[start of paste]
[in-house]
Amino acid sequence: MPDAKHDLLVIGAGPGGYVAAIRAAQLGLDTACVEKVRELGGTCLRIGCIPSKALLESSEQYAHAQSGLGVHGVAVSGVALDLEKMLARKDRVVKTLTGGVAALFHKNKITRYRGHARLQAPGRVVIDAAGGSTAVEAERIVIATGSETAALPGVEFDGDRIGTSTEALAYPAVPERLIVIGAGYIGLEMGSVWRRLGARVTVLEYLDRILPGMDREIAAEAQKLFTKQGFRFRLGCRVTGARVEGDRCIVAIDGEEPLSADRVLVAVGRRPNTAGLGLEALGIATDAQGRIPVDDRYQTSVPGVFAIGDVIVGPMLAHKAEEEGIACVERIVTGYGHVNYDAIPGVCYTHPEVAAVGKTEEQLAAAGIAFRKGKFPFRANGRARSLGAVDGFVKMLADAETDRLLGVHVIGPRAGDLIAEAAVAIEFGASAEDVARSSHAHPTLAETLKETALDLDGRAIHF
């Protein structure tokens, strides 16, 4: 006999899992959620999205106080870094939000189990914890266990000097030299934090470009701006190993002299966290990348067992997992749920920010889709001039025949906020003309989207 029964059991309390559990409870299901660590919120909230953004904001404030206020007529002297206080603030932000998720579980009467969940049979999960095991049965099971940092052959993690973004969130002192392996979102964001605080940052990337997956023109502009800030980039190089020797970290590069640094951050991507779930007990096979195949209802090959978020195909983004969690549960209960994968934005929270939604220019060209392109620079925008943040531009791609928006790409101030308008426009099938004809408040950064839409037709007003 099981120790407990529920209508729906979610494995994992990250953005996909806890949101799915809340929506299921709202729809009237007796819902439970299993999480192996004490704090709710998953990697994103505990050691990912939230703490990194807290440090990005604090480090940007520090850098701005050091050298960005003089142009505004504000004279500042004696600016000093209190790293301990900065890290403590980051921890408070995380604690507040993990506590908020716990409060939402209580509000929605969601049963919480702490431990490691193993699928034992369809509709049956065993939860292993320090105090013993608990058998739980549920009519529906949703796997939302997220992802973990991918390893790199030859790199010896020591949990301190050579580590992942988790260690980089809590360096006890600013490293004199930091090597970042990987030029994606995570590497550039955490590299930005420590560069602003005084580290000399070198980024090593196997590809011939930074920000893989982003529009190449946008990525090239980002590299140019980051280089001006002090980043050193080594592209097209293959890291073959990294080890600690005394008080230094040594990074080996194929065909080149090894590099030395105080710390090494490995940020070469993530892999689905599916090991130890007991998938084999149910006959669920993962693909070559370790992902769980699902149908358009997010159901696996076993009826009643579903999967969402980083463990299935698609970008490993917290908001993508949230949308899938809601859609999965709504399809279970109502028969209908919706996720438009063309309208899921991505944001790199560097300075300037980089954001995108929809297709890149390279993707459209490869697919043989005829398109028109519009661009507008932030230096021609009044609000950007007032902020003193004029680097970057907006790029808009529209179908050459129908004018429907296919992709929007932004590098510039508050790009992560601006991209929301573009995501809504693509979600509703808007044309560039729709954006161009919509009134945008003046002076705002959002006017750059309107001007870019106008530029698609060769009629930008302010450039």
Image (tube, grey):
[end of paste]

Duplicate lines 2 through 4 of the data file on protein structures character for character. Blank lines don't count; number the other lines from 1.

Amino acid sequence: MPDAKHDLLVIGAGPGGYVAAIRAAQLGLDTACVEKVRELGGTCLRIGCIPSKALLESSEQYAHAQSGLGVHGVAVSGVALDLEKMLARKDRVVKTLTGGVAALFHKNKITRYRGHARLQAPGRVVIDAAGGSTAVEAERIVIATGSETAALPGVEFDGDRIGTSTEALAYPAVPERLIVIGAGYIGLEMGSVWRRLGARVTVLEYLDRILPGMDREIAAEAQKLFTKQGFRFRLGCRVTGARVEGDRCIVAIDGEEPLSADRVLVAVGRRPNTAGLGLEALGIATDAQGRIPVDDRYQTSVPGVFAIGDVIVGPMLAHKAEEEGIACVERIVTGYGHVNYDAIPGVCYTHPEVAAVGKTEEQLAAAGIAFRKGKFPFRANGRARSLGAVDGFVKMLADAETDRLLGVHVIGPRAGDLIAEAAVAIEFGASAEDVARSSHAHPTLAETLKETALDLDGRAIHF
């Protein structure tokens, strides 16, 4: 006999899992959620999205106080870094939000189990914890266990000097030299934090470009701006190993002299966290990348067992997992749920920010889709001039025949906020003309989207 029964059991309390559990409870299901660590919120909230953004904001404030206020007529002297206080603030932000998720579980009467969940049979999960095991049965099971940092052959993690973004969130002192392996979102964001605080940052990337997956023109502009800030980039190089020797970290590069640094951050991507779930007990096979195949209802090959978020195909983004969690549960209960994968934005929270939604220019060209392109620079925008943040531009791609928006790409101030308008426009099938004809408040950064839409037709007003 099981120790407990529920209508729906979610494995994992990250953005996909806890949101799915809340929506299921709202729809009237007796819902439970299993999480192996004490704090709710998953990697994103505990050691990912939230703490990194807290440090990005604090480090940007520090850098701005050091050298960005003089142009505004504000004279500042004696600016000093209190790293301990900065890290403590980051921890408070995380604690507040993990506590908020716990409060939402209580509000929605969601049963919480702490431990490691193993699928034992369809509709049956065993939860292993320090105090013993608990058998739980549920009519529906949703796997939302997220992802973990991918390893790199030859790199010896020591949990301190050579580590992942988790260690980089809590360096006890600013490293004199930091090597970042990987030029994606995570590497550039955490590299930005420590560069602003005084580290000399070198980024090593196997590809011939930074920000893989982003529009190449946008990525090239980002590299140019980051280089001006002090980043050193080594592209097209293959890291073959990294080890600690005394008080230094040594990074080996194929065909080149090894590099030395105080710390090494490995940020070469993530892999689905599916090991130890007991998938084999149910006959669920993962693909070559370790992902769980699902149908358009997010159901696996076993009826009643579903999967969402980083463990299935698609970008490993917290908001993508949230949308899938809601859609999965709504399809279970109502028969209908919706996720438009063309309208899921991505944001790199560097300075300037980089954001995108929809297709890149390279993707459209490869697919043989005829398109028109519009661009507008932030230096021609009044609000950007007032902020003193004029680097970057907006790029808009529209179908050459129908004018429907296919992709929007932004590098510039508050790009992560601006991209929301573009995501809504693509979600509703808007044309560039729709954006161009919509009134945008003046002076705002959002006017750059309107001007870019106008530029698609060769009629930008302010450039």
Image (tube, grey):